Big East commish squarely on hot seat
YOU'VE NO doubt seen the lists of coaches on the proverbial hot seat.
They're in magazines and websites, etc.
If, however, there were such lists for conference commissioners, the Big East's John Marinatto would be No. 1 right now.
"If I were him," said one source, who asked to remain anonymous, "I wouldn't be sleeping well at night."
If you've been following the conference realignment news closely, you know there's been recent precedent. The Big 12 seems to have survived blows, but ex-commissioner Dan Beebe did not. He was replaced, at least for now, by Chuck Neinas.
Neinas seems to have taken a firm grip on the conference, holding two days of meetings in Dallas this week, meeting with each school athletic director individually.
The spotlight there shines on Missouri, rumored to be the next school to move to the Southeastern Conference. The Kansas City Star reported the Mizzou Board of Curators will meet this coming Tuesday to discuss realignment scenarios. Part of that discussion will revolve around a Big 12 exit fee of as much as $40 million.
Neinas is confident Missouri will stay.
"I think that once they have an opportunity to fully understand and comprehend what the conference is doing that they will agree that Missouri should continue to be a good member of the Big 12 Conference," he told reporters.
Texas A&M, of course, already left the Big 12 for the SEC. But Neinas seems to be rallying the Big 12 toward stabilization - at least as much as one can these days.
That doesn't seem to be the case with Marinatto. Of the six BCS conferences, the Big East is the one most crippled. In fact, as the situation stands, the league very well could be replaced within the BCS structure at the end of the current deal - if not before.
While the Big East watched as Syracuse and Pittsburgh were swiped from its ranks, the Mountain West and Conference USA have pushed forward with the idea of a football-only merger.
The Big East, meanwhile, has simply talked about adding Navy and Air Force. The league is down to seven teams, less if Connecticut, Rutgers and TCU bail. The Mountain West-Conference USA merger could certainly supplant the Big East.
Also, BCS leaders are discussing the idea of allowing more than two schools from each conference into the big-bowl ring. In other words, "We don't have to take the Big East champion with Alabama, LSU, South Carolina and Florida sitting there, do we?"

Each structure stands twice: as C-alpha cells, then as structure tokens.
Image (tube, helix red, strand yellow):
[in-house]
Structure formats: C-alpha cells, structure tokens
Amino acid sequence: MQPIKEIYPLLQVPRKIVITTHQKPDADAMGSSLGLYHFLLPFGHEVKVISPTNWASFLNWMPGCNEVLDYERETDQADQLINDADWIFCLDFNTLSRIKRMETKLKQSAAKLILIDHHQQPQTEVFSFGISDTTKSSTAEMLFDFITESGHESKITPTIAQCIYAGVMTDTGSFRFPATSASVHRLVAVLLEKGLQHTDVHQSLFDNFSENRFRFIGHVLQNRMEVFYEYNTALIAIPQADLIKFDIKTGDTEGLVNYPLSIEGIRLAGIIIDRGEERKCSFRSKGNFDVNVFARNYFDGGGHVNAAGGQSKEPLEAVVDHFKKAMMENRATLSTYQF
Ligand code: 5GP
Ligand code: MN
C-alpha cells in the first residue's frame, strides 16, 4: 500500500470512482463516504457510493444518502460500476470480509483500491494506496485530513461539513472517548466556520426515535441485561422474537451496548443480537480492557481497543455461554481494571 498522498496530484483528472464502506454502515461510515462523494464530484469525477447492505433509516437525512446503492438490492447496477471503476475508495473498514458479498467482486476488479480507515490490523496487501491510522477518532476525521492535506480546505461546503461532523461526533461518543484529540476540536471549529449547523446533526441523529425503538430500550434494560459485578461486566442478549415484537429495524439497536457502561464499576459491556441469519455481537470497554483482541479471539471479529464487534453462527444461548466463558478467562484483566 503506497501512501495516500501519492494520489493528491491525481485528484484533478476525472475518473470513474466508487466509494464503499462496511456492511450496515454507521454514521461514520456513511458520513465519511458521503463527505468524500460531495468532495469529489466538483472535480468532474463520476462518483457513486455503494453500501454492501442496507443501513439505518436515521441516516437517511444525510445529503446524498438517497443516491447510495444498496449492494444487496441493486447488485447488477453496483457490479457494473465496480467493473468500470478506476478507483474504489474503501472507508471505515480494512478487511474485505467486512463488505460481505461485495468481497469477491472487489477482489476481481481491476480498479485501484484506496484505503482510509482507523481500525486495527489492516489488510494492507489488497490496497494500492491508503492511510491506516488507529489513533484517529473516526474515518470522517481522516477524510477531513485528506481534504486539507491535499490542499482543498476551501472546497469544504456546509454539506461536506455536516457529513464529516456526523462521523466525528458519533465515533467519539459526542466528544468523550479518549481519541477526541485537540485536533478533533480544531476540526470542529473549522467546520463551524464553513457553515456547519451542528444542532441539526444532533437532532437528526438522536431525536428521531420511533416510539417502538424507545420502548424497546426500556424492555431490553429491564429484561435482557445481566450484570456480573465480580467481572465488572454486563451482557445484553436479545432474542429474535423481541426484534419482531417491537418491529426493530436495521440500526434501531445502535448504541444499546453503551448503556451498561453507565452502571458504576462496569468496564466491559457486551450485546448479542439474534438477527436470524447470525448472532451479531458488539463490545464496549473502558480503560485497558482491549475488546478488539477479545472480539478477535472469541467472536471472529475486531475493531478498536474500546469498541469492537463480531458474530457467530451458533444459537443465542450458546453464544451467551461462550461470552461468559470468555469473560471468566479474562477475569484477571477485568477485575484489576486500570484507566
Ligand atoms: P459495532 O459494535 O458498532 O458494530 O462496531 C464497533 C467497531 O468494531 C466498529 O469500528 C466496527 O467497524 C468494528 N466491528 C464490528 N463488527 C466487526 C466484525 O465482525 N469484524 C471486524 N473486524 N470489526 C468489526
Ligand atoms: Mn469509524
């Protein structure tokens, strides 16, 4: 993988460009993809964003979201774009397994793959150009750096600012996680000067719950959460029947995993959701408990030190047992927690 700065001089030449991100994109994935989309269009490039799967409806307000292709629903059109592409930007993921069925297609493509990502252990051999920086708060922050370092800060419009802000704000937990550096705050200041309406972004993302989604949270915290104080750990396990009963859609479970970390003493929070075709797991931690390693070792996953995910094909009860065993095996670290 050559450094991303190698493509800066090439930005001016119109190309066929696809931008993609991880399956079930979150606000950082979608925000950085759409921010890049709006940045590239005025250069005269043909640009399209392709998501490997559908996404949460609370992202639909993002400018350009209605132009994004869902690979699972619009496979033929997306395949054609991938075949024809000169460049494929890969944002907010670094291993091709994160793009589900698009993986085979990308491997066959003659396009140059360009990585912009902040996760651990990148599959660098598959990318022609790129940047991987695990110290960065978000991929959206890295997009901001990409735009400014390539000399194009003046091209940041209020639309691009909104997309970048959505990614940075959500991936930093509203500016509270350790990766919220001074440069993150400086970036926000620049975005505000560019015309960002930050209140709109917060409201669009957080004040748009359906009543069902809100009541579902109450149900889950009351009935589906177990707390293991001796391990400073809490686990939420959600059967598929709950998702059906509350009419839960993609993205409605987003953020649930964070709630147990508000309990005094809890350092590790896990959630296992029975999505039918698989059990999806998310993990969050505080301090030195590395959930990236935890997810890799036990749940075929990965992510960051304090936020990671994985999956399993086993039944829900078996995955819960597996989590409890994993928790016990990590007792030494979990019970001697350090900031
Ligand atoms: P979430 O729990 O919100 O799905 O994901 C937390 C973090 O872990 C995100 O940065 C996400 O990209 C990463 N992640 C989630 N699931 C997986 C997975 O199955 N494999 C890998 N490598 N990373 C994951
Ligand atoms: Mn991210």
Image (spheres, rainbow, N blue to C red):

That's why the Big East presidents are meeting this Sunday in Washington. The SEC, Big Ten, ACC and Pac-12 conferences are strong. The Big 12 has been strengthened. The crippled Big East has been targeted.
Which reflects poorly on Marinatto.
Earlier, even Big East basketball coaches reportedly criticized the commissioner. "Multiple Big East basketball coaches, each speaking anonymously to CBS Sports on Friday, blame Marinatto's poor leadership for the conference's instability. ... Each coach pined for the days when Mike Tranghese and the late Dave Gavitt were in charge.
" 'I firmly believe we would manage this a lot better with a different leader,' a Big East head coach told CBS. 'He's a good man, a good right-hand man, but I think he's in over his head.' "
A source confirmed to me that Marinatto will attend the Big East presidents meeting. It would certainly be worse for him had he not been invited.
But not much is well when university presidents, rather than athletic directors, clear time to meet.
To be fair, much of what's taken place has been out of Marinatto's hands. But the commissioner hasn't made a mark, either.
In fact, he might have made several gaffes. The Big East and ESPN were discussing negotiating a new TV deal. The SEC signed a 15-year deal with ESPN and CBS in 2009 worth $3 billion. The ACC signed a 12-year deal with ESPN worth $1.86 billion. The Pac-12 signed a 12-year, $3 billion deal.
Marinatto decided it best to pass on signing a new deal with ESPN in order to negotiate after it expires after the 2012 season.
"There's a distinct advantage in going last," the commissioner told me this past May.
Or not. Not after Pitt and Syracuse announced plans to sail.
There is also the matter, of course, of Pitt and Syracuse sailing.
Also, he supposedly spoke to Big 12 schools about admission to the Big East if their conference collapsed. The league hasn't collapsed. There appears to be little Big East Plan B, save for Navy and Air Force.
Will firing Marinatto help the situation? Perhaps not. But the situation can't get much worse for his league's football schools. And the Big 12's move to Neinas certainly hasn't hurt.
What might happen is a long-awaited split between the Big East football and basketball schools. Perhaps Marinatto will remain in charge of the basketball faction.
The problem is the Big East owns the automatic qualifying status. Perhaps the football schools can make an offer to the basketball schools to keep the league brand. Would that fly, though, with schools like Georgetown, Villanova and St. John's, schools with serious ties to the Big East basketball brand?
We'll see what surfaces from this Sunday's Big East meeting.
And we'll see if Marinatto survives.
Reach Mitch Vingle at 304-348-4827, email@example.com or follow him at twitter.com/MitchVingle.